Gah! Frazzled with the bazillion clubs and after-school activities your little darlings have signed up for? Had enough of asking your child to put their shoes on 20 times every morning? Dreading the next family trip to the dentist? You’re not alone. Thankfully, family planners and kids’ reward charts can help to bring (some) calm and rhythm to family life.
Charts and planners are not going to turn your children from disobedient little monsters into docile rosy-cheeked cherubs, but they may just help your kids to hang their coats up rather than slinging them on the floor.
Weekly family planners
Most family wall planners have several columns for each day of the week. Just write the name of each member of the family at the top of a column and any activities, events or reminders in the box for that day. It’s a handy reference for when you’re running out the door and need to know whether you need to grab a swim bag, rugby kit or yoga mat. Some also come with extra boxes for tasks that need to be done that week, but not on a particular day, such as a homework project or piano practice.
We find that what works best is having a family wall calendar on the wall for weekly planning (either a paper version or a wipe-clean one), and a separate binder for other family essentials, such as a menu planner, family rules, useful contacts and that never-ending to-do list.
Kids’ reward charts
There are lots of printable reward charts online, including ones featuring popular children’s cartoon characters. Some already list actions for your child to complete each day, such as homework, tidying their room and eating all their dinner. If you’re going for one of those, look for one that’s age-appropriate. A ten-year-old is unlikely to want one featuring Peppa Pig and a to-do list that includes going to the toilet on their own.
Other kids’ reward charts have spaces for you to fill in. You could add specific tasks and activities, such as doing their homework, brushing their teeth, getting dressed on their own and so on. Alternatively, write in the behaviours that you want to encourage, such as being kind, sharing their toys and showing good manners. Or go for a mixture of actions and behaviours.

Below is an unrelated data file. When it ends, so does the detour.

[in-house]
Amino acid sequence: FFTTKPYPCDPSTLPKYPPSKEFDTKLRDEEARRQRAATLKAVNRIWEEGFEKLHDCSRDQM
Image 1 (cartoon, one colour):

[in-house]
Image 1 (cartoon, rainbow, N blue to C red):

Older children are likely to be content with a tick in each box they’ve completed, while younger ones might find extra encouragement in brightly coloured smiley stickers or stars.
The key to reward charts is making it clear what the reward is. It could be a small reward for each action or day, or a bigger reward that your child needs to work towards. Just make sure it’s not an ‘all or nothing’ reward. If your child decides they can’t achieve a reward at all because they didn’t make their bed, there’s little incentive for them to do the rest of their tasks.
You’ll need to be consistent with rewards, so make sure you choose something you can stick to (and afford). Promising your child a £5 toy every time they get 20 ticks may seem like a great incentive, but it could see you spending several hundred pounds over the year. One option is to have a reward jar filled with small treats, such as rubbers, pencils and small toys, Your child can then have a ‘lucky dip’ into the jar every time they achieve a certain number of ticks or stickers.
Homework and potty training reward charts
Some reward charts focus on a specific skill (like potty training), or task (like homework). These are similar to the sticker reward charts mentioned above, but may be themed around the particular goal. Again, the idea is the same – your child receives a tick or sticker each time they complete the action. They’re then either rewarded for each one or work towards a bigger reward.
In the case of new skills, such as potty training or mastering times tables, reward charts can really help to break a large goal down into smaller, more manageable chunks. Your child could earn a bonus reward when they learn each of the times tables, complete a difficult homework project or go a whole week without needing a nappy.
Have a big goal in mind for yourself? Whether it’s getting a new job, moving house or saving enough money for a family holiday, a goal planner might help you to achieve it. There are lots of printable planners available. Some are for monthly targets, while others are for larger goals. Most help you to break your goal down into achievable steps. So, if you want to sell your house, you might write ‘Move into a house I love’ in a box titled ‘key focus’. You’d then list the steps needed to achieve that goal, and tick each one off when you’ve completed it. In this example, those might include painting the living room, tidying up the garden, deciding on an estate agent, finding a solicitor, and so on.
Goal planners aren’t just for major life events either – you can use them to keep you focused on smaller ‘wins’, such as decluttering the house, preparing for an exam or running a 5k.
Wondering whether you need to get more organised to bring some calm into your chaotic life? Check out these seven signs it’s time to get organised.